What happens if you pass away when you’re a carer?

Death is never a concept at the forefront of conversation, and it’s for this reason many people wait too long before getting their personal affairs in order. When it comes to being the carer of a disabled person you have to ask yourself a diffcult question: what happens after I’m gone?

Planning for the future is an important part of life. However, many people across the UK don’t have any plans in place if they were to pass away before the person they’re caring for. According to research carried out by national charity Sense, 75% of disabled people and their families have no long-term support plans in place.

It’s uncomfortable to think about but there are only two things certain in life: death and taxes. When it comes to discussing death, it’s a topic that is often brushed under the carpet. Despite the upsetting issue it’s something that families really need to plan for.


There are 1.7 million people who are supported by friends and family across Britain. A large majority of the general public is reliant, in some capacity, on someone else to survive. Have you thought about what would happen if you were to pass away first?

Elaine Roche, partner at JMW Solicitors, has had first-hand experience of guiding family members through the legal process of care. The legal world can be a confusing area to manoeuvre and discussing emotional issues can prevent people from seeking help. But a lawyer is one way of ensuring a loved one is cared for.

“If they are under 18, then there is the guardianship issue; it’s almost easier to deal with because you can appoint a guardian and the law is very clear on that. If a person is over 18 it goes into two different situations: whether or not they’ve got capacity,” explains Elaine. Disability has many layers and so does the legal process of care. For those who can live independently with their disability or condition, then they can make their own decisions on what happens to their care.

However, for someone who does not have the level of capacity to decide – and no long-term support plan has been put in place – the local authority has a duty of care. “Section 9 in the Care Act details that the local authority has to provide a needs assessment. If there are needs, they have a duty to meet those needs and they have to look a er the wellbeing of individuals,” Elaine says. “However, how that’s done completely depends on the facilities available. The local authority will provide things for people, but it’s means tested.”


As with many disability issues, there is a postcode lottery in place. “The local authority does have a duty to provide care but they will provide the cheapest care, which is very rarely what a loved one would want for their family or friend,” adds Elaine. Planning ahead can ensure that a loved one will be cared for in a way that everyone is satisfied with.

However, when it comes to future planning and care, many people may not know where to go. Part of the problem could lie in the fact that one third of local authorities do not know the real extent of family and friends caring for a disabled person.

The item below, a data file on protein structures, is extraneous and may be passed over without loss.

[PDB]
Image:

Elaine encourages families to start the conversation and find the relevant legal support for them. After one or two meetings with a lawyer many people will have a plan in place for a loved one, without any great expense. “Put a will in place, it’s the absolute basic. People will know what you want,” Elaine explains.


Alongside sourcing the relevant care, keeping on top of finances is important. It’s common for carers to receive Carers Allowance but this support will end when the carer dies. For this reason, ensuring benefits and inheritance don’t clash is imperative.

Elaine says: “If you’ve put nothing in place and the person you care for is a member of your family then anything they inherit will get eaten up in care. Then they will have to go onto means tested care.” Putting a trust in place means your loved one will not be forced to pay for their care out of their own pocket from the money you leave them. “If there is a disabled person that you’re caring for, or someone on means tested benefits, put a trust in the will so that their benefits are not affected but they can still have access to money,” adds Elaine. “That is going to make money go a lot further if you’re still getting your benefits and you get the extras as well. The idea of making financial plans for future care the earlier you start the better. It doesn’t need to be a huge amount of money if you start early enough and just squirrel away bits, it’s not hugely expensive.”


Legal matters to finance aside, there is one certainty that people want to know before they pass away. Who will be the person to care for your loved one? Elaine says: “Anyone can get involved. If you’re planning ahead, mum and dad, or whoever, can decide who gets involved. It doesn’t have to be any relative and even if no plan has been put in place and the person dies the local authority will get involved. There are always ways and means – it’s just planning ahead.”

It can loom over you, but no one wants to think about passing away. As Elaine concludes: “When you bite the bullet and do it, it’s not as bad as you think and there are things you can do.”


JMW Solicitors
0345 872 6666

0300 330 9256

0808 808 1111

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